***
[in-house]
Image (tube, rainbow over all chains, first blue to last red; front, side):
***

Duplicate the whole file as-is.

[in-house]
Image (tube, rainbow over all chains, first blue to last red; front, side):